Randolph B. Quinn named executive director of Student Innovation and Entrepreneurship
UTSA welcomes Randolph B. Quinn as executive director of Student Innovation and Entrepreneurship in Academic Affairs’ division of Career-Engaged Learning. In this position, Quinn will work with the Office of Commercialization and Technology Transfer and multiple other stakeholders in and outside UTSA to advance student innovation and entrepreneurship across the university.
“We’re excited to have Randy join the team,” said Ginnifer Cié Gee, associate vice provost for Career-Engaged Learning. “He’ll be making a major impact on the success of our students by expanding their access to the experiential learning opportunities that come from partnering with the area’s business community.”
Quinn most recently served as the associate director of the Center for Innovation and Research Commercialization at West Virginia University, where he was also adjunct faculty for both the Benjamin M. Statler College of Engineering and Mineral Sciences and the John Chambers College of Business and Economics. Before his time at WVU, he pursued a successful career in the private sector, leading teams within information technology, telecommunications and healthcare companies. Quinn earned his bachelor’s degree in physics and his MBA from the University of Pittsburgh.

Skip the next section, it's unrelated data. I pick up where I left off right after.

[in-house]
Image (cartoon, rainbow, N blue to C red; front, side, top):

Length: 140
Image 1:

Quinn will work to connect student entrepreneurship activities directed through programs such as the Center for Innovation, Technology & Entrepreneurship (CITE) and the new Arts Entrepreneurship Research Laboratory to shared resources and programs both internal to UTSA and to the greater San Antonio innovation ecosystem. CITE was established in 2006 to create a pipeline for UTSA faculty, students and the surrounding business community to develop new technology ventures.
“Students interested in entrepreneurship bring energy, ideas, and creativity to the problems all companies need to solve, and Randy’s role will make it easier for companies in many of UTSA’s research collaborations and consortiums to engage these students with interesting challenges,” said Christine Burke, director of UTSA’s office of Commercialization and Technology Transfer.
Greater access to a variety of programs leads to more chances to test business models and stronger opportunities for success should teams move ideas forward as companies.
“It’s an honor to be given the chance to build on the success of UTSA’s efforts to encourage student innovation and grow the regional entrepreneurial ecosystem,” says Quinn. “I’m thrilled by the possibilities of partnering with entrepreneurial efforts across the University and in San Antonio.”